tonight not only for those who have Much on "Austria, a German Outpost
been to see the Junior Girls' Play Towards the Southwest."
but for others as well.
The dance tonight will be 20 cents JEWISII STUDENTS GIVE DANCE
a person, and will begin at approxi- A tea dance for all first-year Jew-
mately 10:30 p.m. and last until 12. ish students will be held from 3 to 5
Bob Steinle and his Union orchestra, p.m. Sunday at the Hillel Foundation.
which is playing for "Gang's All A diversified entertainment program
There" will furnish the music for will be presented and refreshments
dancing. will be served.

will chaperone. One of the most interesting facts
Phi Kappa Tau
At a recent election of officers, Phi ENTERTAIN SENIORS
Kappa Tau fraternity chose the fol- Helen Newberry seniors entertained
lowing people: Donald Hill, '36P, the juniors of the house with a
President; Richard Roth, '35E, vice dinner at -the Union after the J.G.P.
president; William Mosher, '35E, performance. The party took the form
house manager; Donald Ralston, of a revivalist meeting, with Ruth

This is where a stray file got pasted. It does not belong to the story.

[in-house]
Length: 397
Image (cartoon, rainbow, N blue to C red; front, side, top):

'3E, treasurer; Bernard Stilson, '35, Westover, chairman of the occasion,
social chairman. in the role of the Rev. Pearly Gates.
Theta Chi Negro spirituals and speeches in
Theta Chi fraternity entertained Negro dialect heightened the effect.
the mothers and fathers of the mem- -erdact igedth fe
bers at a party last night. There were Clayton, Theresa Mackey, '37, South
several speeches, after which Jean Lyon, and Eleanor Christianson, '37,
Seeley, '36, and Bob Miller, '34, sang Racine, Wis.
for the guests. The mothers' club held Out of town guests at Zeta Tau
a meeting following the program. Alpha for the week end are: Selma
Zeta Tau Alpha Cooper, Detroit, Jane Pincon, Grosse
Zeta Tau Alpha wishes to announce Ile., Donna McCaughna, Grosse Point,
the pledging of Virginia Scott, '35, and Gladys Schroder, Detroit.

MAX GAIL'S ORCHESTRA
Saturday 9 to 12
Tax $1.00

11111 II I ,